Explore the most popular camping trails near Mountain Rest with hand-curated trail maps and driving directions as well as detailed reviews and photos from hikers, campers and nature lovers like you.

This trail really needs to be reviewed in sections, preferably from Scott Lynch's book. Some parts are definitely moderate with long stretches of trail that is smooth, easy, and crazy beautiful. Other parts are steep switchbacks with big trees to crabwalk under or scrabble over.
A friend and I did 35 miles, starting at Oconee and ending just before Whitewater Falls. Outrageously beautiful - all the streams and creeks were running, and the Chattooga was raging. Waterfalls everywhere! Mushrooms of all colors, waterfalls of ferns, every moss and lichen, blooming rhododendrons, We were glad we had planned low miles so we could stop to explore and take pictures.
My caution would be that it was hot with very high humidity, and we almost couldn't drink enough water to stay hydrated.
We will be back to do more.

The trail is lovely and not too difficult. It was a perfect first backpack trip for my 10 year old. For a mid-week trip, the trail was pretty busy and there was one large group of backpackers that left a lot of trash... There is a small section of the trail along the river that is washed out and would be more than a little challenging in higher water. We also encountered a few snakes and I nearly stepped on a copperhead in the middle of the trail. The highlight? Seeing otters playing in the river while eating breakfast.

Gorgeous river and waterfalls. Great swimming holes at the base of the initial decent. However this trail does not allow camping due to whitewater corridor protection (the reason for the 3 star rating). However we hiked to Thompson river, 2.7 miles past the turnaround. This was a spectacular 4 star hike. Next time we will start at Bad creek parking to get to Thompson river. (A lot of ticks in June!)

I have sectioned about 45 miles of this trail on 2 separate visits. I keep coming back because I love the area so much. I will say it is a legit backpacking trail and not to be taken lightly if you intend to make a go of it. I agree with another reviewer who said it is hard to rate the terrain; some sections are quite easy and mild and other sections are rugged, steep, and hard on your body whether you're young or old. Of the sections I have done, Oconee to the beginning of the Chatooga river was easiest. The easterly section of the Chatooga and the section from Sassafras to TRSP were the most rugged. Expect slow going through those parts and some sore feet! Be in shape and allow 5-7 days to do the whole trail depending on your experience level. All in all it is really lush and beautiful terrain and there are so many cool trees, waterfalls, rivers, and rock formations to see. Water sources are plentiful in spring. There are no resupply options or town crossings, although there are rural road crossings every 5-10 miles and some very cool volunteer shuttle drivers listed on the FHT website. I highly recommend Jim Simpson, he is the man!! He picked me up on an hour's notice when I had some health issues and had to get off trail for the night.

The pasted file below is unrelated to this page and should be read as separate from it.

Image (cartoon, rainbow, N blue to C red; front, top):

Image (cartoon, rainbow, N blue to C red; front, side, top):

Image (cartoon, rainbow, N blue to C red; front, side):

I am rating this in advance only because I have sectioned much of it already. I am thru hiking it starting in the morning after a quick stop at the rei for a fuel can. wish me luck! :)

well maintained, even with the previous hurricane damage. BEAUTIFUL trail and excellent camping areas.

If you have trouble finding the start of the trail based on this apps directions like I did than drive past the cherry hill recreation center and about a mile or two up the road is a side road to the left named F708. Turn down that road and drive about 3 miles down the dirt road until you see the sign for a campground. Park in the campgrounds parking lot and walk down past the gate towards the campground and go to the very last campsite along the river. There will be a sign for the Chattooga River trail which is the trail you should follow. There will be an area where the trail splits into three directions, just keep following the green and white blazes along the trail until you see the small side trail that leads to the falls. It's not an official path so it is slightly dangerous to trek down but it will take you out right beside the falls which are breathtaking.